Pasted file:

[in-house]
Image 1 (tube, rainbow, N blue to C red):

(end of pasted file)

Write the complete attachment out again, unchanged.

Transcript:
[in-house]
Image 1 (tube, rainbow, N blue to C red):